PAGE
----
Happy birthday, global stock rally
The global stock rally is one-year old. World stock markets closed at their low for the crisis 12 months ago on March 9. The rally that then started is still intact. The FTSE All-World index is up 75% in dollars, no significant market is down and big emerging markets have had huge gains-more than 160% for Russia and Indonesia. The S&P 500 index is up 2.7% for the year. The index is 69.3% above the March 9, 2009, closing low, which is 26.8% below the peak in October 2007.
But a year on, we can see the rally had two distinct phases. First came 7 months of explosive growth, led by financial stocks. Since then, financials have stalled or even fallen back, and the main indices have basically consolidated since then. Investors remain confident that the Armageddon scenario of a collapse of the world's payment system has been averted. But they are not so certain about the recovery. Instead, they fear a different Armageddon scenario, where the government spending that averted the first disaster will lead to sovereign debt defaults.
Let us look at the stock trajectory of Citigroup. A rally was sparked with an internal memo by Vikram Pandit, chief executive of the financial conglomerate, confirming that it had made money in the first 2 months of last year. Fear of nationalisation for Citi had spurred the final market plunge. As that fear abated, Citi's outperformance was explosive. By August, it was up 240% from its nadir. Since then, however, it has dropped 31%. The broader KBW Banks Index is up 162% for the past 12 months, but slightly below its peak last October.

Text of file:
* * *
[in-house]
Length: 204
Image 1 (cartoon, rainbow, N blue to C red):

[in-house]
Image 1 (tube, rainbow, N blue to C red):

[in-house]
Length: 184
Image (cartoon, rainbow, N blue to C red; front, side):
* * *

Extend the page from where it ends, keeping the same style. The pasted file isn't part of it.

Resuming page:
In a week of anniversaries, it is 10 years since the Nasdaq Composite peaked, crashed and burned. The dotcom bubble seems to be from another world, a speculative aberration that is now over. But we are still living with its consequences. The dotcoms were a classic tale of speculative excess and overvaluation, to be compared with Japan in the 1980s or the US in the 1920s. The fallout was identical.
The US Fed took deliberate steps to avoid a repeat of the US in the 1930s or Japan in the 1990s. It slashed interest rates, helping ensure that the macroeconomic damage from the dotcom crash, in the form of a very brief and shallow recession, was remarkably light.
Emerging markets are likely to outperform the developed markets over the long run due to strong domestic consumption and forward-looking infrastructure investments. Yet, there are increasing questions concerning the fact that the rise in emerging markets resembles previous stock market bubbles and will fizzle out, just as in the past.
In India, we are currently in the midst of a synchronised global recovery, and with aggressive government stimulus, strong balance sheets and an ever-growing share of global GDP.
Current correlation between MSCI India and MSCI Emerging Markets is 0.80 (it was 0.30 in January 2003). The correlation between MSCI India and MSCI World is 0.70 (was 0.15 in January 2003). This strong correlation was driven by synchronised global growth and liquidity. Over the last 3 years, MSCI India P/E commanded premium over MSCI Emerging Markets. Since December 2008, Indian markets have been at par with the emerging markets and are gaining momentum post May 2009. By the end of 2009, the MSCI India P/E was ahead of MSCI Emerging Markets.
On a yearly basis, MSCI India has outperformed MSCI Emerging Markets. Returns in MSCI India and MSCI Emerging Markets increased by 91.5% and 74.5%, respectively, in absolute terms over the last one year.
FIIs have invested $1.35 billion in Indian equities in just a week-the most in 5 months and the best in any week after the Union Budget since 2001. The fiscal consolidation plans outlined by the Indian government have strengthened the relative attractiveness of India as an investment destination of choice.
Infrastructure spending in India has lagged its global peers (4% of GDP in India compared to 9.5% in China). Lower investment in infrastructure along with 8.5% GDP growth rate during the last 6 years has resulted in severe pressure on existing infrastructure. The sheer size of the opportunity and the huge returns offered by investment in infrastructure makes investment in India particularly attractive.